How to Remove Carbon Buildup From Aluminum Cookware

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It is easy to clean aluminum cookware.
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A new, gleaming pan just pulled from the box induces such excitement. The grungy pan fished out from under the cabinet and tasked to cook yet another round of rice or family meal doesn't cause as much enthusiasm for home chefs. Carbon and oils can build up on aluminum cookware, making it dull, dingy and difficult to use. Rather than ditch the dirty pots and pans, take the time to clean and restore them to cookware that is a pleasure to use.

Tip

Use common household cleaners and a bit of elbow grease to shine grungy aluminum pans.

How Carbon Collects on Pans

Pots and pans in a busy kitchen can often get neglected while gently simmering or blasting a boil on the stove. The burned food and leftover burnt bits on the surface of the aluminum pan can be hard to scour completely off the cookware. Overtime, these streaks and uneven spots of burnt oils, meats and organic matter can build up.

Gather the Cleaning Supplies

To get a freshly burnt pan back to its original pristine condition, gather some common household cleaners together and go to work. These include:

  • Cream of tartar
  • Lemon juice
  • Distilled white vinegar
  • Baking soda
  • Dish soap

You will need warm water and a good scouring brush. A nylon scrub brush is a good first defense. Steel wool pads or brushes can be used for more serious baked-on layers of carbon residue.

Cleaning with Cream of Tartar

Clean the pan thoroughly with soap and water to remove any loose bits of food, grease or chips of hardened carbon. Fill the pan with water up to the point where the carbon marks end. Simmer the pan with 1 tablespoon each of cream of tartar, lemon juice and the distilled white vinegar. After simmering for 15 minutes, turn off the heat and leave the pan to cool on the burner.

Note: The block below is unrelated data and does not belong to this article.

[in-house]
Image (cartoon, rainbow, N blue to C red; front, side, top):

Scrub thoroughly with a nylon brush. Use a steel wool sponge to take down any stubborn stains. A long-handled nylon brush is good for cleaning the bottom of pans after scouring to remove carbon.

Cleaning Pans with Baking Soda

A mixture of baking soda and vinegar will remove a buildup of carbon off of pans. Cover the bottom of the pan with baking soda and slowly pour vinegar over the powder until it is bubbling over the carbon stains. Let that sit until all bubbling has ceased and give the pan a good scouring with the baking soda and vinegar mixture.

If burnt spots remain inside the well of the pan, then sprinkle a coat of baking soda over the bottom of the pan. Fill with water and allow to simmer on high, according to Better Homes and Gardens, for 15 minutes.

Using Ketchup to Clean Pans

It may sound odd, but it's a long-standing go-to for shining up grubby pans. The citric acid and vinegar that is packed into every bottle of the tomato-based condiment can clean a burnt pan and shine pots that have been neglected.

Stuck-on food or a pan that has bits of burnt-on or hardened sauce can be removed with a layer of ketchup poured over the top. Leave the ketchup in the pan overnight to allow the acids to work and wash clean in the morning.

The experts at Taste of Home recommend that you test a small spot in a small place where it won't be noticeable if the ketchup leaves a mark. The acid in the tomatoes can be corrosive on some materials.

references

Kimberley McGee is an award-winning journalist with 20+ years of experience writing for a variety of clients, including The New York Times, Las Vegas Review-Journal Home section and other national publications. As a professional writer she has researched, interviewed sources and written about home improvement, interior design and related business trends. She earned a B.A. in Journalism from the University of Nevada, Las Vegas. Her full bio and clips can be viewed at www.vegaswriter.com.

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